Fertility on a Shoestring - eshre


Fertility on a Shoestring - eshre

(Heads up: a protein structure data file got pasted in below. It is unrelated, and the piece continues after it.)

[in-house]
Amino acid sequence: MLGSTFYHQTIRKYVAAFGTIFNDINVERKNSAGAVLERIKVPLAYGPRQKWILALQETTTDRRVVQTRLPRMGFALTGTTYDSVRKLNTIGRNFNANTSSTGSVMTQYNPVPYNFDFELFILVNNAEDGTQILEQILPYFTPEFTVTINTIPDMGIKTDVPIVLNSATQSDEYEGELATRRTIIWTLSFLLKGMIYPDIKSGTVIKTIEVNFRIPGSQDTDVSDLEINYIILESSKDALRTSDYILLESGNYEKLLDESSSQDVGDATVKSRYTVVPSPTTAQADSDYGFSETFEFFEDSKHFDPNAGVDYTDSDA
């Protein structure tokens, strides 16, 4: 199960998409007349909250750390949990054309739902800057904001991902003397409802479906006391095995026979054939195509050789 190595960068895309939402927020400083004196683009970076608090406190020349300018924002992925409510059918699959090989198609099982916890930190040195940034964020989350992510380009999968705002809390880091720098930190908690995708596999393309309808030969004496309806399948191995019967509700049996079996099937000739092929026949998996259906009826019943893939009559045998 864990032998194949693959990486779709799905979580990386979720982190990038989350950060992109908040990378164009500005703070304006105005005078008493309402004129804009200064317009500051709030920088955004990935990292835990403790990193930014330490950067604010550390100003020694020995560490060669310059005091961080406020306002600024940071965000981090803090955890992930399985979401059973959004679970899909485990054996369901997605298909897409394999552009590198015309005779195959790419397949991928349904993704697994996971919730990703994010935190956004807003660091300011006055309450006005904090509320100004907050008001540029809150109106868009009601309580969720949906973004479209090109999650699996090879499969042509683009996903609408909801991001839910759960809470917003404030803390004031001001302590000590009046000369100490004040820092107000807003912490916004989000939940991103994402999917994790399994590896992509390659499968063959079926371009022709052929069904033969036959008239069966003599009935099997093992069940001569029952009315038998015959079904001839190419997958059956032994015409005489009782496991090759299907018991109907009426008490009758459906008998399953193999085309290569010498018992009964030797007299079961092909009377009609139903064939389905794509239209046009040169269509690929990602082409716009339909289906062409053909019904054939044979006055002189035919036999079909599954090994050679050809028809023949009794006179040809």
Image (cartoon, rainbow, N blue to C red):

NATURE|Vol 442|31 August 2006NEWS FEATUREong>Fertilityong> on a shoestringIVF isn’t something most Westerners associate with Africa. But low-cost methods are urgentlyneeded to treat the misery of infertility rampant on the continent, says Helen Pilcher.Several years ago, Betty Chishava wasthrown out of her family home inHarare, Zimbabwe, because she failedto fall pregnant and didn’t want to sleepwith her husband’s brother. Desperate for anheir and a cure for the stigma of infertility, herhusband Herbert took a new wife. Betty wasleft penniless and alone.Betty’s story is played out in millions ofhomes across sub-Saharan Africa, where upto one-third of couples are infertile 1 and thepressure to produce children is immense. “InAfrica, a woman’s worth is defined by her fertility,”says Chishava. As the years roll by anda couple’s lack of children becomes all tooapparent, personal tragedies turn into publichumiliation and shame. Perceived as evilor cursed, a woman without a child may bebeaten and is commonly ostracized by familyand friends. Some risk the threat of HIV toconceive through sex with multiple partners.Some fake pregnancies and steal newbornbabies. Some just can’t bear it any more andtake their own lives.“If you’re a woman in sub-Saharan Africaand you don’t have a child, you’re worth lessthan a dog,” says fertility specialist WillemOmbelet from the Genk Institute for ong>Fertilityong>Technology in Belgium, who has worked inAfrica for more than two decades.Treatments for infertility are becoming availablein the developing world — but slowly. In1989, little more than a decade after the world’sfirst baby conceived through in vitro fertilization(IVF) was born in Britain, western Africahailed its first IVF success: a boy born at LagosUniversity Teaching Hospital in Nigeria. Sincethen a sprinkling of private fertility clinics hassprung up, offering high-tech treatments fromthe developed world. But the therapy is tooexpensive for most Africans.Initiatives are afoot to make fertility treatmentmore accessible. A number of scientistshave proposed methods for developing simpler,low-cost alternatives to the high-tech“We have toconvince theWestern worldthat infertility inAfrica is a realproblem.”— WillemOmbelet©2006 Nature Publishing Groupdrugs and equipment currently used for fertilitytreatments. And others are working to preventthe sexually transmitted infections thataccount for most cases of infertility. But even ascampaigners strive to make these approaches areality, they face daunting prejudice — in bothAfrica and the wider world.Perhaps the biggest stumbling block is theinsidious conviction (in Western circles) thatsub-Saharan Africa simply cannot have aninfertility problem. “Governments worldwideput money into family planning in the developingworld, but no one wants to focus oninfertility,” says Ombelet. The average couplein that region has five or six children 2 , so manygovernments think that being too fertile shouldbe the focus. And they find it hard to justifyexpensive fertility treatments in settings withfew resources that have more obvious problems,such as malaria and HIV. But scientistssuch as Ombelet insist that the problem needsto be addressed. “Infertility is consistently overlookedin aid and development work,” he says.“We have to convince the Western world thatinfertility in Africa is a real problem.”The sad thing is that much of Africa’s infertilitycould be easily prevented, as infections arethe main cause of infertility on the continent.Infections such as gonorrhoea and chlamydia975A. ROSS/GETTY IMAGES